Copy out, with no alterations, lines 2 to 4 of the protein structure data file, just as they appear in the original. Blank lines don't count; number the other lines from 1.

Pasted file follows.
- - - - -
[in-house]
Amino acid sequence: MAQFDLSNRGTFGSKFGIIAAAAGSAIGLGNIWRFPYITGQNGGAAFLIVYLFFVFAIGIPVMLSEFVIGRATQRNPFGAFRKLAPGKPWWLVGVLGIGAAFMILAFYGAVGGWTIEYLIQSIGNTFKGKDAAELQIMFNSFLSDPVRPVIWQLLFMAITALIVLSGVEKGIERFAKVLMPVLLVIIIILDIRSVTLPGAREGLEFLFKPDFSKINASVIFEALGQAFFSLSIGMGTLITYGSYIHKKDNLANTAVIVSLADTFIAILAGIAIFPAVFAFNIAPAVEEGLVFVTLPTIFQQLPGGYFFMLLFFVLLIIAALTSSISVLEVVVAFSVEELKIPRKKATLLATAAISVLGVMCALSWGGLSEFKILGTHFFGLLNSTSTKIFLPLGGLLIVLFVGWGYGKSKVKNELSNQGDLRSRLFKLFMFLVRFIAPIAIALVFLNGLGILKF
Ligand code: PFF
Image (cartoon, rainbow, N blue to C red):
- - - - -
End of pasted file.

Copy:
Amino acid sequence: MAQFDLSNRGTFGSKFGIIAAAAGSAIGLGNIWRFPYITGQNGGAAFLIVYLFFVFAIGIPVMLSEFVIGRATQRNPFGAFRKLAPGKPWWLVGVLGIGAAFMILAFYGAVGGWTIEYLIQSIGNTFKGKDAAELQIMFNSFLSDPVRPVIWQLLFMAITALIVLSGVEKGIERFAKVLMPVLLVIIIILDIRSVTLPGAREGLEFLFKPDFSKINASVIFEALGQAFFSLSIGMGTLITYGSYIHKKDNLANTAVIVSLADTFIAILAGIAIFPAVFAFNIAPAVEEGLVFVTLPTIFQQLPGGYFFMLLFFVLLIIAALTSSISVLEVVVAFSVEELKIPRKKATLLATAAISVLGVMCALSWGGLSEFKILGTHFFGLLNSTSTKIFLPLGGLLIVLFVGWGYGKSKVKNELSNQGDLRSRLFKLFMFLVRFIAPIAIALVFLNGLGILKF
Ligand code: PFF
Image (cartoon, rainbow, N blue to C red):